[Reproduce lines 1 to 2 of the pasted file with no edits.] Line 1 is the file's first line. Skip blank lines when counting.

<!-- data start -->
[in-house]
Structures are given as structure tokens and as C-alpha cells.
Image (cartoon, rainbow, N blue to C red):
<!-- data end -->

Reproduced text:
[in-house]
Structures are given as structure tokens and as C-alpha cells.